February 28, 2022 

Honoring a COVID Vaccine Pioneer

By James A. Kearney



Black History Month serves as a yearly reminder that many racial inequities which existed at the inception of what would later become Black History Month remain ever-present today. And, while racial inequality continues to permeate throughout our entire American society, that inequality is ever recognizable in the legal profession. Hall Prangle & Schoonveld, LLC ("HPS), is committed to not only honoring Black History Month, but to diversifying its workforce and to working towards eliminating systemic racism in the legal profession.

In 1915, a Harvard-trained historian, Carter G. Woodson, along with a prominent minister, Jesse E. Morland, founded the Association for the Study of Negro Life and History (ASNLH). The organization sought to unearth and promote the accomplishments of African Americans. In 1926, the group sponsored a national Negro History week, which coincided with the February birthdays of Abraham Lincoln and Fredrick Douglas. The event resulted in local celebrations across the nation.

Over the next several decades, city mayors around the country began issuing yearly proclamations recognizing "Negro History Week.” By the late 1960s, Negro History Week began to be celebrated as Black History Month on many college campuses. Then, in 1976, President Gerald Ford officially recognized Black History Month. When doing so, President Ford called upon the public to "seize the opportunity to honor the too-often neglected accomplishments of Black Americans in every area of endeavor throughout our history."1

Each year, Black History Month is celebrated with an accompanying theme. This year's theme pays tribute to medical scholars and healthcare providers. Because HPS is in the business of defending medical professionals and institutions in medical negligence cases, this year's Black History Month theme is befitting for the type of legal work that HPS attorneys and staff engage in daily. Accordingly, HPS wanted to embrace this year's Black History Month theme by recognizing an African American scientist that has made substantial contributions to the field of medicine and science.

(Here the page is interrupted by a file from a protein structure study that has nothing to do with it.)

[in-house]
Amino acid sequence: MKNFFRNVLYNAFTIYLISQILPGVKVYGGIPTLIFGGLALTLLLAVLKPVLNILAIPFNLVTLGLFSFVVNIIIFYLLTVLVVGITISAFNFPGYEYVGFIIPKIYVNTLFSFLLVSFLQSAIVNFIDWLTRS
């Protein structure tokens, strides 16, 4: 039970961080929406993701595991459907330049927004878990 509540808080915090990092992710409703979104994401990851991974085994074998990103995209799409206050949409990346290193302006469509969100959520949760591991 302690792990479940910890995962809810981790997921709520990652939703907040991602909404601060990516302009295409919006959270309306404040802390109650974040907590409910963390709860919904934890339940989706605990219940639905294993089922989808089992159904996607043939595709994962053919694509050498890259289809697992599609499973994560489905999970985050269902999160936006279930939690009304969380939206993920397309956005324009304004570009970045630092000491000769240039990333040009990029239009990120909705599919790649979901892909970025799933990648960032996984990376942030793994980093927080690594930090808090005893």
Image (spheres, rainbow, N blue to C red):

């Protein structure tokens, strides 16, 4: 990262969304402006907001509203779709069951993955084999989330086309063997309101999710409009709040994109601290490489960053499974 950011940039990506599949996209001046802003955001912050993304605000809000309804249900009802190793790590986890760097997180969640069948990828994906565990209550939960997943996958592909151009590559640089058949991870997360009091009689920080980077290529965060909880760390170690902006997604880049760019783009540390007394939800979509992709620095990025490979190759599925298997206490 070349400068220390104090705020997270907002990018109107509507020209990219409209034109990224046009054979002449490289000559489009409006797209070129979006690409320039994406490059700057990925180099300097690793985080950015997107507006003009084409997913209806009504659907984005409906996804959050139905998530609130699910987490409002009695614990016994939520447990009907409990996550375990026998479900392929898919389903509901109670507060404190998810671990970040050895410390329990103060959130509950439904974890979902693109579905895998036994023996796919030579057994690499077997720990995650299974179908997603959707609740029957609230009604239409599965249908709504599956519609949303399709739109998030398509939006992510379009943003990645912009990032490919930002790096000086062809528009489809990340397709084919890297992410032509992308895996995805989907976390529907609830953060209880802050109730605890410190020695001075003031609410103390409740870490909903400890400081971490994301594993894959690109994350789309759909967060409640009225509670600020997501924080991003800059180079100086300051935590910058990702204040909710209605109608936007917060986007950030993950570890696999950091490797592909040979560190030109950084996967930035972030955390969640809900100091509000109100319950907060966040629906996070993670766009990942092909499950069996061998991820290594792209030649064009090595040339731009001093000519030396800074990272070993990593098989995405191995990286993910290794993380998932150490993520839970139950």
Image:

Although over a century has passed since Carter Woodson helped found the ASNLH, HPS wanted to take a moment to honor and recognize another prominent figure with a recent connection to Harvard University: Dr. Kizzmekia S. Corbett. Dr. Corbett is an Assistant Professor of Immunology and Infectious Diseases at the Harvard T.H. Chan School of Public Health, a position she has held since June 2021. Dr. Corbett received her B.S. in Biological Sciences from the University of Maryland-Baltimore County in 2008. She then received her Ph.D. in Microbiology and Immunology from the University of North Carolina at Chapel Hill in 2014.2

In 2014, Dr. Corbett was appointed to the National Institutes of Health ("NIH"), National Institute of Allergy and Infectious Diseases, Vaccine Research Center (VRC). An immunologist by training, Dr. Corbett's NIH work was focused on developing novel coronavirus vaccines.

Then, the world descended into a global pandemic in early 2020, and Dr. Corbett and her team were called upon to help usher the world out of the pandemic.

Dr. Corbett helped develop an mRNA-based vaccine for COVID-19 from viral sequence data in collaboration with Moderna.3 And to anyone who remotely paid attention to the speed of the vaccine rollout, Dr. Corbett helped bring Moderna's vaccine to market in record time. Further, Moderna's vaccine has been distributed to tens of millions of people around the world.4 Simply put, Dr. Corbett's tireless efforts have helped save countless lives.

And, if vaccine development were not enough, Dr. Corbett has sacrificed her free time to abate vaccine hesitancy in communities of color, which have been disproportionally affected by COVID-19, by talking about COVID-19 science in these communities.5

Perhaps you carry around your own homage to Dr. Corbett—a CDC COVID-19 Vaccination Record Card documenting the Moderna vaccines you have received. Although this pandemic may become endemic (and hopefully soon), we suspect that Dr. Corbett has a busy career ahead of her. Today we honor her and sing her praises. Tomorrow, we strive to emulate Dr. Corbett's tireless dedication and contributions to making this world a better place for all of us.


Notes:
  1. https://www.history.com/topics/black-history/black-history-month
  2. https://www.hsph.harvard.edu/profile/kizzmekia-s-corbett/
  3. https://asm.org/Biographies/Kizzmekia-S-Corbett,-Ph-D
  4. https://www.hsph.harvard.edu/magazine/magazine_article/kizzmekia-corbett-is-just-getting-started/
  5. https://www.nature.com/articles/d41586-021-00338-y